As the gateway to a half-dozen subway lines, the sprawling Broadway Junction transit hub commands a prime location at the crossroads of six neighborhoods and serves as the unofficial welcome center in a fast-growing part of New York City.
The problem? It is anything but welcoming.
The dingy warren of passageways and platforms linking the A, C, J, Z, M and L are so packed that rush hour turns into a crawl. Outside, bus stops and a Long Island Rail Road station are plopped down in a depressing terrain of trash-strewn streets, chain-link fences rimmed with barbed wire and panhandlers camped out on sidewalks.
“You could do way better than this,” said Roody Fevry, 32, an exterminator who lives nearby. “It’s like nobody cares.”
Now Broadway Junction may finally get the makeover it has long needed. City officials are taking steps to create a destination stop with nearby restaurants, stores, gyms and other commuter-friendly amenities. Their aim is to turn the tired station and the surrounding area into a bustling economic center for a swath of Brooklyn that has long struggled with unemployment, poverty and crime.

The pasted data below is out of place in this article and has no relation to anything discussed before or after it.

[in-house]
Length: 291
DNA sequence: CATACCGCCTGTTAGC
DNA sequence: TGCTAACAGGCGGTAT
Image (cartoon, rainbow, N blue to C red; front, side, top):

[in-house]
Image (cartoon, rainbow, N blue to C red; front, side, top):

The city’s Economic Development Corporation recently began a $200,000 study to identify potential avenues of economic growth in and around the transit hub — including office, retail and educational uses. A group of elected officials and community leaders has also been convened to come up with a vision for the area. The Brooklyn borough president, Eric Adams, and City Councilman Rafael L. Espinal Jr., a Democrat who represents the area, are the co-chairmen.